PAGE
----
Ethiopian Film Industry : What went wrong?

Ethiopian Film Industry

Ethiopia Film Industry: What went wrong

This week presented itself with the GUMMA FILM AWARDS, an Ethiopian movie award whose aim is to acknowledge and honor the best performing films and artists in the country. The event shines a light on the forgotten film Industry and was able to attract some attention from the public. I am among those whose attention was caught by the event. I have been an admirer of cinema and movies ever since my dad bought a 14-inch Philips tv when I was ten years old. Back then I was just amazed at the fact that big people were able to fit in such a small window. I didn’t care about the content but was only amazed by the technology. If my memories serve me correctly, my first taste of a movie came with a movie called ‘I AM DAVID’.

It tells the story of a young boy who, with the help of a prison guard, escapes from a concentration camp in an unnamed Eastern European country and journeys to Denmark. What a fascinating introduction to the Cinema world it was for me. Fast forward fifteen-plus years of consuming countless Movies and tv shows, I became too focused on the Industry that I eventually made some effort to be part of it. Me and my friends made skits and short movies in high school. Eventually, when I joined university, I practiced Software like Adobe Premiere Pro and After Effects in hopes, it would become my doorway to the sector. After completing university, my passion for cinema and video content did land me on production jobs. I have been a cameraman, director, and motion graphics designer. Nowadays, I am very selective in the content I choose to watch. My perception and understanding have changed along the way which I, unfortunately, can’t say the same for the Ethiopian Film Industry in general.

Cinema is a beautiful lie presented in a way that triggers your senses. Film Industry has been a multi-billion-dollar business, take for instance The U.S. motion picture and video production and distribution industry whose estimated total revenue in 2018 amounted to 69.9 billion U.S. dollars. In this article, we take a look at why the Ethiopian film Industry didn’t go as far as it should have and what we as consumers ought to do.

Film making is a team effort and each footstep you take forward will depend on how you landed the previous one. It all begins with a good script. Our stories are usually repetitions of over-glorified love stories unable to reflect the real-life depiction of people on the streets of Ethiopia have. A cliché storyline with no relatability at all.

Makes you wonder if it’s the same person writing all the movie scripts in the country or whether the assumption the writers have is to stay in one lane as a rule of thumb? either way, it is frustrating for the audience to be treated with the same storyline but different actors each time you pay to see a movie. Predictability is not a good sign for a movie or tv show. In fact, you need the audience to be asking questions and wondering what is happening. The role of the writer is to imagine ways to surprise the audience with each turn and put in little hints of information to keep the audience guessing. Storytelling requires careful handling of setting, clever character development, interesting story arcs, and resolutions. I recommend our writers to experiment with different story structuring methods and touch on the several movie genres because surely, their old way of repeating the same story over and over won’t work in this day and age.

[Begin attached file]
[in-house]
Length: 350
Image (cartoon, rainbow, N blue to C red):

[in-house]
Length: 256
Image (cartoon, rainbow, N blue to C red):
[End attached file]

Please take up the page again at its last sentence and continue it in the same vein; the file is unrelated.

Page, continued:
Let’s assume we fixed our stories somehow and are presented with an engaging and cleverly put-together script, although the steps do vary from one project to another, generally, the next step is pre-production. This is the phase where you would narrow down the options of production. It is where all the planning takes place before the camera rolls and sets the overall vision of the project. Pre-production also includes working out the shoot location and casting. The producer will now hire a Line Manager or Production Manager to create the schedule and budget for the film.

Casting in Ethiopia is not done professionally. I have friends who are Directors although it’s very questionable if they are really, who tell me the process of hiring actors. Commonly, how it’s done is the producer reads the script and decides who should play the role and the casting process is thrown out the window. Additionally, it’s a very common thing for one person to be the Director, Cinematographer, Cameraman, and sometimes even an Actor all at once. In Ethiopia you don’t need education or experience to be called Cinematographer or Director, it’s all a matter of what you think about yourself. For most, it is a mere title than it is a responsibility and a role. This culture has produced countless so-called professionals that have neither educational background nor proper experience for their role resulting in cliche movies with no real cinematic technique.

Most of the camera placements and movements are unintentional and there is no motivation involved. Simple as 1 plus 1 you are told to put Camera A in front of actor A and Camera B in front of Actor B. Blocking is rarely used and Movements of actors in relation to the camera are random and unmotivated, to say the least. Some movies have put the effort into incorporating visual effects, although I admire the effort, the execution has a long way to go.

The Industry has to be led by real professionals with experience. Film making is a very technical profession. It requires delicacy and a deep understanding of storytelling. I believe if everyone involved admit the challenges and work on building a better story and towards better pre-production and production, the industry might revive and finally enter the Global film industry.

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